Failure used to be my number one fear. I think it’s the same for most high schoolers. “What are you afraid of?” they say. “You have nothing to lose, right?” they say. “You can’t be perfect. Stop trying,” they tell me. Never having a B in my life, never being yelled at for a big mistake, or never failing to get recognition for something has made me vulnerable to the idea of failure. I’m sure a lot of students would agree with me. Still, I came to realize recently that without failure, people can’t improve. There’s always going to be people better than you and if you’re oblivious to this fact, you’re practically living a life full of lies. I mean, what’s the point of living 60 or 70 more years if you’re already perfect?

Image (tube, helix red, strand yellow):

The thought of death have entered my thoughts here and there before, but this was the first time I really thought about pain and dying. The pain was real. I still can’t believe I let a tiny (not so much) thing like that torture me for two hours.
Recently, I’ve been thinking about how important it is to go one step beyond the “minimum requirement” and differentiate yourself from others. I was surprised to notice that many people actually don’t try hard to achieve something. A goal. They’re focused on the minimum too much, that a lot of people can’t even reach the minimum. And if they are lucky, they barely just make it.